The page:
While experimenting with my clock distribution amplifier, I found that this board creates a lot of interference to my HackRF receivers.
Plus, it’s not very convenient to work with a bare board.
I decided to build metal housing for this board. This is just a little note about its construction and some nuances.
Sure, it’s impossible to find a 100% matching case for this board. I selected aluminum enclosure Gainta G0247.
This case is slightly bigger than the board, and this allows to fit all required connectors and indicators. Also, I decided to build an external 5V regulator using the case as a heatsink.
The board is bolted to one side of the case. All clock outputs are placed on the case back side. Input signals are connected using three short coaxial patch cords. I think it’s most logical.
For the 1PPS, I used KLS15-RCS01-PC10 10 pin circular connector. 8 pins are for 1PPS, and two pins are for ground. I think this is the best choice. An external power supply is connected via KLS15-225-M16 6 pin connector just because I had one.
The initial arrangement inside the case:
The 5V regulator is a simple 7805-based board. This 5V line bypasses the onboard regulator that little bit overheating.
L1 is a common mode choke filter. Just a 9 x 2 wire turns around a 10×25 green ferrite toroid. S1 switch is placed on the front panel.
All LEDs are also moved to a separate board glued to the front panel.
For the 1PPS line, I made a special 8 x 450mm coaxial cable.
3 pin connectors are used for easy connection to my SDR boards.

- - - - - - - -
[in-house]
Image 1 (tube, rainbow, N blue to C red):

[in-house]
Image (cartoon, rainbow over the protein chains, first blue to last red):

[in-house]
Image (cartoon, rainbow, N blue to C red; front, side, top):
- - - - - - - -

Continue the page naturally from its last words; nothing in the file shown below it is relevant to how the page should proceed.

To ensure that everything works properly, I built a simple setup with my GPSDO, distribution amplifier, and HackRF board to ensure that everything works properly.
And this is what I found at the end of the 1PPS line connected to the HackRF input:
Whoa! A massive 200 ns oscillation with 6V max amplitude. It’s definitely not good. Of course, I forgot about impedance matching!
A 50-ohm transmission line with the HackRF load creates a huge impedance mismatch. The signal can’t be consumed by the destination and reflects back to the LVTH541 device. This creates a massive parasitic oscillation.
The issue could be fixed with an in-series resistor placed Before the 50-ohm line. The resistor value should be selected in a range of tens or hundred ohms. But this should be done very carefully because a bigger resistor value creates additional delay on the line. I found that a 100-ohm resistor fits perfectly. Oscillation is suppressed, and there are no meaningful delays. I precisely selected 8 resistors with my Fluke multimeter.
With in-series resistance the oscilloscope shows a very good result:
Massive oscillations are suppressed and the signal is under the valid limit. Let’s measure delays.
Channel 0 is the 1PPS source. Channel 1 is the point directly after the resistor. No measurable delay.
For example, this is a delay with a 200-ohm resistor, big difference:
All resistors were soldered directly to the connector:
Additionally, I covered all 1PPS wires with a copper foil connected to the chassis. Not sure if it’s really required but I think that 10MHz clock lines could create some trouble. I think now it’s ready for space 🙂
To avoid ground-loops, shielding is insulated from the case’s side.
Completed box with labels. Back side: